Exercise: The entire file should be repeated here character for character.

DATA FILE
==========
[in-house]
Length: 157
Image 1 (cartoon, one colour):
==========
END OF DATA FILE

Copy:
[in-house]
Length: 157
Image 1 (cartoon, one colour):